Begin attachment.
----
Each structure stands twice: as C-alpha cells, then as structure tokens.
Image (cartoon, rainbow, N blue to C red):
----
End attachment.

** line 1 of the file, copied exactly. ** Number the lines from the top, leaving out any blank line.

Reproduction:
Each structure stands twice: as C-alpha cells, then as structure tokens.